Return of the monster: A rebirthed, renegotiated (reanimated) NHL

We hoped, we prayed, we screamed – and it paid off. In case you’ve been hiding under a rock, the NHL is back.



By Karen Aney (The Cascade) – Email

Print Edition: January 9, 2013

We hoped, we prayed, we screamed – and it paid off. In case you’ve been hiding under a rock, the NHL is back. In typical professional sports fashion, many rumours abound about what the terms of the deal reached was. As of press time, the contracts have not been written, but the main agreed upon points are in the stats box on the right-hand side of this page. The length of the season has also not been determined. It will either be 48 or 50 games long, beginning on January 15 or 19. Either way, the seasons will be played entirely within each team’s conference.

What it means for the Canucks

It means good things. Their biggest challenge is the Minnesota Wild, who signed Zach Parise and Ryan Suter to identical $98 million, 13-year contracts over the summer. The Team USA teammates were arguably the biggest trade stories of the off-season, and are skilled enough to be game changers for the Wild.

The Edmonton Oilers are another threat in our conference, as they have “the kids” – including the AHL’s two top scorers, Jordan Eberle (51 points) and Justin Schultz (48 points). During the last lock-out, Ryan Kesler, Alex Burrows and Kevin Bieksa spent their season in the AHL – given the benefit it had for their play individually and as a team, this time spent at the AHL level together can only mean good things for the media darlings of Edmonton.

Age will be a huge factor

The 1994-1995 lockout resulted in a 48-game season. In that season, the youngest of the top 10 scorers were 22 and 23 – and they were Eric Lindros and Jaromir Jagr, who tied for first place. Ron Francis, in fifth place at 32, Paul Coffey, in seventh place at 34, and Mark Messier, in 10th place at 34, represent anomalies: their presence in the top 10 rankings indicates that this could very likely be a season for the veterans. The oldest team in the league right now, based on the average age, is the New Jersey Devils at 29.34. The Canucks clock in at ninth, with an average age of 27.961. Granted, the grueling schedule—less travel time but more games—could lead to fatigue and a higher rate of injuries, but this is the time for established players to shine.

Benefits for the East

The travel time for teams in the eastern conference, as with regular seasons, is going to be severely reduced. In the 2011-2012 season, the Canucks travelled 75,359 kilometers. The Bruins, in comparison, travelled 54,347 kilometers. That being said, the Canucks had only two trips where they played a single game – the Boston Bruins had 11. This number is sure to go up for the Canucks this year, given the reduced amount of teams to play. Because the distance between arenas is so much greater in the West, it’s going to be a definite factor. As we all know, the Stanley Cup comes down to the East versus the West – increased travel makes it just a little bit harder to bring the cup back to the west coast.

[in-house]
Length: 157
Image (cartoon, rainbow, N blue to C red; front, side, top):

Attendance in question

Based on the 1994-1995 lockout, it means good things. The NHL announced at the end of that season that attendance rose 3.5 per cent. However, the Canucks saw 1388 fewer people at their games. This could stem from a number of factors: it could be the calibre of team Vancouver saw that year, or it could have been the level of bitterness fans in Vancouver—arguably one of the most passionate markets—felt at the lockout.

The thing to remember is that every single game will count. There are no post-Christmas games to mail in. If a player gets suspended for calling his ex-girlfriend “sloppy seconds” it will seriously affect a large portion of the season. Each and every game will matter for the rest of the season – as such, we’ll likely continue to see sellouts in Vancouver this year.

The Gary Bettman effect

The end of the 1994-1995 lockout—and Bettman’s first year as NHL Commissioner—saw the migration of two Canadian teams south of the border. The original Winnipeg Jets, who moved to Phoenix, are slated to be moved again. The former Quebec Nordiques—now the Colorado Avalanche—have fared much better, but these were drastic moves that beg the question: what’s next?

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